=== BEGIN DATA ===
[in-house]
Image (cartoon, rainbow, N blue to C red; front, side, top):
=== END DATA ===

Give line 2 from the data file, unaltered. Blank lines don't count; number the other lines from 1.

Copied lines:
Image (cartoon, rainbow, N blue to C red; front, side, top):